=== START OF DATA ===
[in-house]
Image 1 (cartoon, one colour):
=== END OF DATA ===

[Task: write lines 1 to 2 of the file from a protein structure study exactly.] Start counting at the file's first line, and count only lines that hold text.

[in-house]
Image 1 (cartoon, one colour):